Finding success in college classes

Dominique Lyons

Many teachers enter the classroom with a similar goal: move students through the class and achieve the best grade possible. It seems simple enough, but too often students and teachers disagree on the best way to reach that goal, sometimes at the expense of the student.

“There’s a severe disconnect between what students think teachers want and what teachers think goes on in students’ heads,” said Autumn Mamrak, graduate student and instructor for the department of Mathematical Sciences.

The first thing successful students learn is what their teachers expect; and then they do it.

“The way you should approach it is: ‘I want to get as good a grade in here as I can in the minimum amount of time,’” said Eric Johnson, an assistant professor in the College of Business. “So use the time as efficiently as possible.”

Johnson said he isn’t advising students to keep their heads buried in books, but to be concise and timely.

“Something that is seriously lacking in terms of skills evolved in high school is how to study, how you get better at something, how you learn as an individual,” said Mamrak. “All students know about making note cards, but note cards never really worked for me.”

Mamrak said don’t assume that because one study technique worked for someone else, it’ll work for you. One student may rely on note cards to pass a class, but another student may learn better by reading straight from the textbook.  

The second student is also in a delicate position, she said, because devotion to the textbook may imply that doing the reading is the same as attending class, costing them valuable information that is only available in class.

“[Students have] won more than half the battle if they’re here in the first place — that is the biggest problem,” Johnson said. “It’s going to take you two to three times longer to get the same stuff doing it on your own as it would be sitting there watching me do it for you.”

Reading the textbook too much is hardly ever the problem. Often students either don’t get the class materials or when they do they don’t bring them to class.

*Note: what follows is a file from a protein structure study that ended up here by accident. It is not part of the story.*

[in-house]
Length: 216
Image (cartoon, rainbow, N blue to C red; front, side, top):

“I think the number one hindrance for students is that they haven’t done the reading so that they can’t really track what’s going on in the class,” said Sarah Rilling, associate professor and undergraduate studies coordinator for the department of English.

Students tend to stunt their own learning by treating class as its own experience, separate from what goes on in the rest of the world.

“You can accomplish so much in five minutes of office hours compared to you struggling to do it on your own,” said Lockwood Reynolds, assistant professor for the department of economics. “It’s just not a good use of your time. You get stuck, ask.”

Even those students who go to class prepared, do all of their work and study regularly might not be getting the most out of their class time. If they aren’t mulling over what they learn, it becomes useless information stuck in their head until the test is over and they can flush it out of their minds over the weekend.

“As you’re sitting there, every once in a while ask yourself, ‘why?’” Reynolds said. “Don’t just write stuff down or tune out. Every once in a while say: ‘Wait a second, why is that true?’”

For students who recognize some of these “don’t-do’s” in their own life, don’t panic.

“Cut yourself some slack,” Johnson said. “You’re not going to pay attention and follow everything the [professor] does. Just try and do it for the majority of it. Don’t just mechanically write down everything he says — that’s not much help.”

John Barrick, emeritus professor for the department of physics, believes that the responsibility is not all on the student’s shoulders.

“It’s a challenge to the professor to make courses as interesting as possible,” Barrick said. “You’re not always going to be able to get everything to be totally interesting but that’s part of the teachers’ job to monitor that type of thing.”

Polycarp Ikuenobe, professor for the department of philosophy, suggests, above all, students should remember that teachers want to help you. Both want the same thing: success.

“I take joy when my students succeed,” Ikuenobe said. “When they do well, I am happy.”

Contact Dominique Lyons at [email protected].